Background-Implantable cardioverter defibrillators (ICDs) are lifesaving devices for patients with heart failure (HF) and reduced ejection fraction. However, utilization and determinants of ICD insertion in Asia are poorly defined. We determined the utilization, associations of ICD uptake, patient-perceived barriers to device therapy and, impact of ICDs on mortality in Asian patients with HF. Methods and Results-Using the prospective ASIAN-HF (Asian Sudden Cardiac Death in Heart Failure) registry, 5276 patients with symptomatic HF and reduced ejection fraction (HFrEF) from 11 Asian regions and across 3 income regions (high: Hong Kong, Japan, Korea, Singapore, and Taiwan; middle: China, Malaysia, and Thailand; and low: India, Indonesia, and Philippines) were studied. ICD utilization, clinical characteristics, as well as device perception and knowledge, were assessed at baseline among ICD-eligible patients (EF ≤35% and New York Heart Association Class IIIII). Patients were followed for the primary outcome of all-cause mortality. Among 3240 ICD-eligible patients (mean age 58.9±12.9 years, 79.1% men), 389 (12%) were ICD recipients. Utilization varied across Asia (from 1.5% in Indonesia to 52.5% in Japan) with a trend toward greater uptake in regions with government reimbursement for ICDs and lower out-ofpocket healthcare expenditure. ICD (versus non-ICD) recipients were more likely to be older (63±11 versus 58±13 year; P<0.001), have tertiary (versus ≤primary) education (34.9% versus 18.1%; P<0.001) and be residing in a high (versus low) income region (64.5% versus 36.5%; P<0.001). Among 2000 ICD nonrecipients surveyed, 55% were either unaware of the benefits of, or needed more information on, device therapy. ICD implantation reduced risks of all-cause mortality (hazard ratio, 0.71; 95% confidence interval, 0.52-0.97) and sudden cardiac deaths (hazard ratio, 0.33; 95% confidence interval, 0.14-0.79) over a median follow-up of 417 days. Conclusions-ICDs reduce mortality risk, yet utilization in Asia is low; with disparity across geographic regions and socioeconomic status. Better patient education and targeted healthcare reforms in extending ICD reimbursement may improve access.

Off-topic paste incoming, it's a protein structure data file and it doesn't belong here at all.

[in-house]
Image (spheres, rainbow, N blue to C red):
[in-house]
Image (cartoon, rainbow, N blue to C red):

- Heart failure